Whenever Genevieve Awino is planning to shop for an item, she scours the internet to sample different dealers, analyse product features and compare prices.
Fashion items, beauty accessories and electronics top the list of premium products the Nairobi-based graphics designer occasionally orders on the web, from both local and overseas retailers.
Like most online buyers, Genevieve is price-sensitive and a bargain hunter. As such, she sometimes searches without intending to close deals. “Acquainting myself with prices helps me budget for the time I will be ready to spend money,” she says.
Genevieve is only one in a growing list of Kenyan cybershoppers.
Slightly over a decade ago, online shopping was a remote concept to most Kenyans. It was also considered a territory for Kenyans with a fat disposable income. Not so today.
Whether you wish to buy a premium product from an overseas retailer to gift a friend or furniture for your house from a workshop in a different county, or simply to order lunch from a restaurant two blocks away from your office, doing so online is the easiest and most convenient way.
You do not have to go to Jumia, Kilimall or Amazon to shop online. You also do not have to own a credit card to transact on the web.
If you have ever enquired about and went ahead to pay for a product a friend had shared on a Facebook or WhatsApp group you belong to, you have shopped online.
If you occasionally search for product prices, quality and specifications on the web to influence your purchasing decisions, whether online or offline, you are a digital shopper.
Similarly, with a smartphone, a network connection and a few items to sell, you can now become an online trader. Being a trader has never been easier.
Technology has opened up the business space for both sellers and buyers. In Africa, Kenya ranks third in terms of the volume of goods shopped online, bettered only by Nigeria and South Africa.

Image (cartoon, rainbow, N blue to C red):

“I love unique designs, which I can get online at a fair price. I buy mostly from overseas suppliers because price comparisons between different suppliers is easier,” Genevieve adds.
Ken Mutua, another regular online shopper, says most local walk-in perfume shops do not stock his favourite brand of fragrance, leaving him with only one option: to buy online.
“I am always happy to pay the shipping fee, which is better than having to settle for other brands of perfume,’’ he says.
While customers are the biggest beneficiaries of online trade owing to its convenience, it has served as a wake-up call to owners of traditional shops of consumer goods.
Auto shops too have taken to the virtual space as dealers hope to market their businesses beyond their yards.
Gigi Motors and Cheki, which sell new and used cars, are some of the Kenyan auto shops operating from the web.
Besides pricing insights, these sites offer important tips to prospective buyers such as the range of services available and car maintenance. This in turn helps customers to make informed decisions before buying.
The frustration of seeing only a handful of customers walk into his men’s outfits shop forced Frank Kuria to move his shop online.
While he still owns a physical shop at Globe Business Centre in Nairobi, most of the operations are now online.
“Initially, I would simply post photos of my products and simply enjoy the likes. These days, I actively engage my clients on Facebook and WhatsApp groups. I also handle their enquiries more seriously. I have even started a page on Instagram, specifically for the business,” says Frank.
Operating digitally, he says, has ensured a wider reach and allowed him to interact more closely with prospective clients.
“Buying clothes is a very personal affair because people have very distinct preferences. My clients order for outfits, pay for them via mobile money before collecting the products later or having them delivered to them,” he says.
Frank adds that a stronger digital foothold is at the heart of his expansion plans in the next few months.
“There is also less traffic in my shop, which means I am able to handle walk-in clients alone. This way, I don’t have to hire an assistant, which would be an added expense, considering I am also paying rent,” he says.
Samantha Nyakoe though runs her ladies’ outfits shop, Closet Plug, exclusively on Instagram. As such, she walks with her shop in her hands.